Jamaicansmusic.com is dedicated to cataloguing and recording the history of Jamaican music and the artists who have made this music popular. From mento to dancehall artists; our aim is to try as best to create an encompassing database of Jamaican music and Jamaican music artists.
Features of this site include a brief history of the different Jamaican music forms, sample audio tracks, tons of videos, artists' bios and our very special Jamaican music store.
Anywhere in the world today popular Jamaican music can be heard playing in clubs, bars, cars, or even the random crooning of a passerby. The music of Jamaica has captivated the world, with its soft melodies and harmonic beats while sustaining an apparent edge reflecting the characteristics and culture of its creators.
Jamaica is a tiny Caribbean island with just over 2.6 million people. No major world event has ever taken place there, and it does not produce any significant wealth to speak of. The reality is that Jamaica should, by all counts, be relatively unknown to the world. How is it then that this island's people and its music have gained such worldwide recognition?
There is no doubt that if you asked anyone in world today what they knew about Jamaica, the overwhelming response would be reggae, followed by Bob Marley.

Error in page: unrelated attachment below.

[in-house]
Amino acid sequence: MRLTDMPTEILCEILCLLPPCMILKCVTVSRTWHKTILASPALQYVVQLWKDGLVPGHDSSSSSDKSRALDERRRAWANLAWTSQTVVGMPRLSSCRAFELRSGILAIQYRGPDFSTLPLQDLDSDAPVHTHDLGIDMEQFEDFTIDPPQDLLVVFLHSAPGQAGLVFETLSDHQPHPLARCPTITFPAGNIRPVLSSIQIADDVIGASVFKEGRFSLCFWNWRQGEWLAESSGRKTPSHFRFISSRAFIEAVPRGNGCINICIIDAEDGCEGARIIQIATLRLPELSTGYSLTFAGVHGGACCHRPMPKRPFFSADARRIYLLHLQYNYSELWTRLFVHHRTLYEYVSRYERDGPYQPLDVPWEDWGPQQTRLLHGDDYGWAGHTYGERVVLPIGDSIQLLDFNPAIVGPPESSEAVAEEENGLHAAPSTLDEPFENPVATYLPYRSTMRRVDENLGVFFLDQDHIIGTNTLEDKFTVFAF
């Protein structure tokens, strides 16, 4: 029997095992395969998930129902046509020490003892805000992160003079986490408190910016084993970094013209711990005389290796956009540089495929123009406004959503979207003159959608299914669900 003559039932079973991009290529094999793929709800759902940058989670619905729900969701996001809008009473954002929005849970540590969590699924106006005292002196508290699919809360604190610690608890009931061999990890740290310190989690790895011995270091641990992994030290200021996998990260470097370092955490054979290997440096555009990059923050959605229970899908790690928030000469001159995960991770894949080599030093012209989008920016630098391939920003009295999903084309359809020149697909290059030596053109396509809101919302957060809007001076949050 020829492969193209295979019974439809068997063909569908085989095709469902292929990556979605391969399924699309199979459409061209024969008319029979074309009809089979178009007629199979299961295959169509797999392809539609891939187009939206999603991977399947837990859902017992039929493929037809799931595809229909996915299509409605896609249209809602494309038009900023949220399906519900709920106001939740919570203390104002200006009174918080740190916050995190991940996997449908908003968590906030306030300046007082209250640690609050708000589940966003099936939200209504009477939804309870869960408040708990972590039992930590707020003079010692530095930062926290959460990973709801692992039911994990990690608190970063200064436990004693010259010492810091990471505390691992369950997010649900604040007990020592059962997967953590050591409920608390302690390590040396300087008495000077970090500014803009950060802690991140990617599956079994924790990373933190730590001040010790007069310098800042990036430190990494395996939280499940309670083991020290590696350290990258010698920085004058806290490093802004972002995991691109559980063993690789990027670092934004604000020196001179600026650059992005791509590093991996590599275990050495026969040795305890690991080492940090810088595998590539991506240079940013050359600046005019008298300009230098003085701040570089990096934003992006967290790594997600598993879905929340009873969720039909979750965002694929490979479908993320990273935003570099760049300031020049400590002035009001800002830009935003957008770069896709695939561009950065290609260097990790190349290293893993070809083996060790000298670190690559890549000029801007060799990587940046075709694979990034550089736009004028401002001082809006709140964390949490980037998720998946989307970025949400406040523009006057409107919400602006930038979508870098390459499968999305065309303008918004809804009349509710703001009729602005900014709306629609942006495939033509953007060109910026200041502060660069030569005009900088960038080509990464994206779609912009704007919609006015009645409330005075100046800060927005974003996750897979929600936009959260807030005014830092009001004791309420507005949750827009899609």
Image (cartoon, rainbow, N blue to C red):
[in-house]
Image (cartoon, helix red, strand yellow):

The influence of Jamaican music on the world is unmistakable. At the 1980 independence of Zimbabwe, Bob Marley was the only foreign artist invited to perform, because his songs had given inspiration to freedom fighters in the bush. In the Nicaraguan civil war, both the Contras and the Sandanistas saw themselves as fighting oppression and used Bob Marley's music as motivation in their struggle.
Since then, Jamaican music has found its way in hearts and homes of many worldwide. Several contemporary music forms such as hip hop and reggaeton trace their roots back to reggae and numerous non Jamaican artists such as Gentleman from Germany and Alpha Blondy from Ivory Coast have had enormous success singing Jamaican music.
Today, reggae is the name commonly used to refer to all Jamaican music. Reggae is uniquely Jamaican and more loved and accepted now than it has ever been. Since Jamaica's independence in 1962, reggae has been used to express the social, economic and political lives of Jamaicans. To many Jamaicans, reggae is life and tells the story of the nation's people.